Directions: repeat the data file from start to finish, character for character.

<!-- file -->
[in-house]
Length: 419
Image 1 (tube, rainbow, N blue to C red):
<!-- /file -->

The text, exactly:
[in-house]
Length: 419
Image 1 (tube, rainbow, N blue to C red):